What in the heck is A-Rod doing?

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Watching another afternoon train wreck involving Alex Rodriguez and Major League Baseball, I feel like it’s worth remembering two things:

1. Alex Rodriguez could have used PEDs like crazy, but still not have deserved a 211-game suspension; and

2. Bud Selig can have it in for A-Rod — could wish to see him burn at a stake as punishment for everyone else’s sins — yet still not be outside of his authority in suspending A-Rod.

We forget that as we spring to the defense of one side or another. Or, more often, as we spring to scorn one side or the other. But the fact is that each side is speaking some truth and each side is peddling baloney.

My personal view is that Major League Baseball overreached pretty severely in the penalty it leveled, and that a straightforward attack of that penalty as excessive by Alex Rodriguez and his legal team would serve as the best way for them to prevail. They still may do that. The arbitrator may be able to tune out all of this noise and focus solely on whether the punishment fits the crime, concluding that no, it doesn’t. If that happens, A-Rod could get a 50-game suspension, maybe. Or maybe nothing if MLB’s evidence and investigation is viewed as flawed or infirm.

But I also believe that A-Rod and Joe Tacopina are taking a gigantic risk in making this arbitration about Bud Selig personally and some vendetta against A-Rod in general. They risk alienating the arbitrator. They risk having a proportionality-of-punishment case lost in the noise. All for the promise of trying a lawsuit that, if the percentages on such things hold, never sees the light of day in court. I don’t understand why they’re doing this, but I feel like they are running the risk of snatching defeat from the jaws of victory.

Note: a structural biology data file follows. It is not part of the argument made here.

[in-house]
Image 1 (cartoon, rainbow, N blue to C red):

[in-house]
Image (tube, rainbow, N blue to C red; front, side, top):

Normally one can see the motivations of putatively irrational action like this. But I don’t see the percentage for Alex Rodriguez in this approach. I don’t see what he possibly stands to gain by blowing up the arbitration like he has.

Bradley Zimmer to miss 8-12 months after shoulder surgery

Cleveland Indians v Minnesota Twins
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Indians outfielder Bradley Zimmer is out for the year after undergoing arthroscopic surgery on his right shoulder, the team announced Saturday. The projected recovery timetable spans anywhere from 8-12 months, which puts Zimmer’s return in the second half of the 2019 season, assuming that all goes well.

Zimmer, 25, had not made an appearance for the Indians since June 3. He racked up a cumulative nine weeks on the major- and minor-league disabled lists this season and will have finished his year with a .226/.281/.330 batting line, seven extra-base hits, and four stolen bases in 114 plate appearances.

The outfielder reportedly sustained his season-ending injury during a workout in Triple-A Columbus, where Cleveland.com’s Joe Noga says Zimmer began feeling discomfort in his shoulder after completing a set of one-handed throwing drills. Comments from club manager Terry Francona suggest that the Indians have every reason to believe that he’ll make a full recovery by next summer, though it’s not yet clear whether or not he’ll need additional time to readjust to a full workload when he takes the field again.